Tsunamis are large, potentially deadly and destructive sea waves, most of which are formed as a result of submarine earthquakes. They may also result from the eruption or collapse of island or coastal volcanoes and the formation of giant landslides on marine margins. These landslides, in turn, are often triggered by earthquakes. Tsunamis can be generated on impact as a rapidly moving landslide mass enters the water or as water displaces behind and ahead of a rapidly moving underwater landslide.
What are some examples of landslides that have caused tsunamis?
The 1964 Alaska earthquake caused 115 deaths in Alaska alone, with 106 of those due to tsunamis generated by tectonic uplift of the sea floor, and by localized subareal and submarine landslides. The earthquake shaking caused at least 5 local slide-generated tsunamis within minutes after the shaking began. An eyewitness account of the tsunami caused by the movement and landslides of the 1964 Alaska earthquake.
Research in the Canary Islands concludes that there have been at least five massive volcano landslides that occurred in the past, and that similar large events may occur in the future. Giant landslides have the potential of generating large tsunami waves at close and also very great distances and would have the potential to devastate large areas of coastal land as far away as the eastern seaboard of North America.
Rock falls and rock avalanches in coastal inlets, such as those that have occurred in the past at Tidal Inlet, Glacier Bay National Park, Alaska, have the potential to cause regional tsunamis that pose a hazard to coastal ecosystems and human settlements. On July 9, 1958, a magnitude M 7.9 earthquake on the Fairweather Fault triggered a rock avalanche at the head of Lituya Bay, Alaska. The landslide generated a wave that ran up 524 m on the opposite shore and sent a 30-m high wave through Lituya Bay, sinking two of three fishing boats and killing two persons.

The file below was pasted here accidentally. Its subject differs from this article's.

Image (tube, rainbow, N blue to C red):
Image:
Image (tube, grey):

How soon does the danger of landslides end after the rain stops?
It’s not possible to exactly predict the number of days or weeks that landslides remain a danger after heavy rain. Residents near mountain slopes, canyons, and landslide prone areas should stay alert even after heavy rain subsides.
Why is southern California vulnerable to landslides?
Areas that have been burned by recent wildfires are highly susceptible to debris-flow activity that can be triggered by significantly less rainfall than that which triggers debris flows from unburned hill slopes.
What was the biggest landslide in the world?
The world’s biggest historic landslide occurred during the 1980 eruption of Mount St. Helens, a volcano in the Cascade Mountain Range in the State of Washington, USA. The volume of material was 2.8 cubic kilometers (km).
What was the biggest prehistoric landslide?
The world’s biggest prehistoric landslide, discovered so far on land, is in southwestern Iran, and is named the Saidmarreh landslide. The landslide is located on the Kabir Kuh anticline in Southwest Iran at 33 degrees north latitude, 47.65 degrees east longitude. The landslide has a volume of about 20 cubic kilometers, a depth of 300 m, a travel distance of 14 km and a width of 5 km. This means that about 50 billion tons of rock moved in this single event!